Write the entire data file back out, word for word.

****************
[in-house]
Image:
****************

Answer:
[in-house]
Image: